An astonishing optical illusion where objects change in size.

Look through the front hole and look at the sizes of the figures, then look down the side.

This is a model of a distorted room, with the walls floor and ceiling not perpendicular, but that seen from a certain point of view has a normal appearance. Look at the size of the figures, however, they look very different.  

By looking at the room with profiles drawn in black from the hole in the front wall, our brain reconstructs it in the blue lines. Then he places the black figure on the right further back than it actually is in the position of the blue figure.

Concepts involved

It is necessary to look at the shape of the walls, the ceiling and the floor of the room, they are not, as usual rectangular, they are trapezes. Nor are their angles 90º.
It is also advisable to look at all the details, windows, tiling, clock.

Our eyes transmit flat images to the brain, it is the brain that mentally builds a representation of reality by imagining the spatial situation of objects. This mental representation is done automatically with the help of different elements:

    • One is the combination of slightly different images sent by each eye. (here when looking through a hole this help has been removed)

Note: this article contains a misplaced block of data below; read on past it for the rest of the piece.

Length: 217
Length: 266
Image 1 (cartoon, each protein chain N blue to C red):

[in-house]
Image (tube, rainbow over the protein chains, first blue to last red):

• The other is perspective, distant objects are smaller. 

We combine the perspective effect with previous experience of how they are and how big things are compared to others. We reconstruct Ames' room mentally as if it were orthoah (rectangular and perpendicular ceilings and walls between them). 

In geometry, perspective and all related concepts: projection, proportion, Tales theorem, vanishing point, etc. are widely studied topics. 

Creation, real-life apps

This illusion was first built by the American ophthalmologist Adelbert Ames in 1945.
Ames' room is a tool used in movies to create special effects.  Modifying the walls, floor and ceiling of the set creates the appearance that the characters are much taller or much smaller than they actually are.
For example, in the trilogy of "The Lord of the Rings" it is possible to differentiate the stature of different characters without the need for computer manipulation of images in post-production.   It has also been used in the 1971 film "Charlie and the Chocolate Factory.